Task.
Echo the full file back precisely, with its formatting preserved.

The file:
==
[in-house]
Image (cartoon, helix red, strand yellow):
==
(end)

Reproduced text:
[in-house]
Image (cartoon, helix red, strand yellow):